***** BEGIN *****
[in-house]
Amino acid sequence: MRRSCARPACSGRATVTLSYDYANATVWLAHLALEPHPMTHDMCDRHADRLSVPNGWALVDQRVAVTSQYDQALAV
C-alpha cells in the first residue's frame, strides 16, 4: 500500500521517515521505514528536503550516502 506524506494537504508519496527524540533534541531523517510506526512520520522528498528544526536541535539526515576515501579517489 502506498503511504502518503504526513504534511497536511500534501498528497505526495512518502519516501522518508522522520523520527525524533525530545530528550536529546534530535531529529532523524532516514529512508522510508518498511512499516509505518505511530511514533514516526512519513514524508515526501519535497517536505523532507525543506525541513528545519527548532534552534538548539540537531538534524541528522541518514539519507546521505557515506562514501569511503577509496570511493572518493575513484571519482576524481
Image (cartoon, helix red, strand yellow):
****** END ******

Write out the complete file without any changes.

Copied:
[in-house]
Amino acid sequence: MRRSCARPACSGRATVTLSYDYANATVWLAHLALEPHPMTHDMCDRHADRLSVPNGWALVDQRVAVTSQYDQALAV
C-alpha cells in the first residue's frame, strides 16, 4: 500500500521517515521505514528536503550516502 506524506494537504508519496527524540533534541531523517510506526512520520522528498528544526536541535539526515576515501579517489 502506498503511504502518503504526513504534511497536511500534501498528497505526495512518502519516501522518508522522520523520527525524533525530545530528550536529546534530535531529529532523524532516514529512508522510508518498511512499516509505518505511530511514533514516526512519513514524508515526501519535497517536505523532507525543506525541513528545519527548532534552534538548539540537531538534524541528522541518514539519507546521505557515506562514501569511503577509496570511493572518493575513484571519482576524481
Image (cartoon, helix red, strand yellow):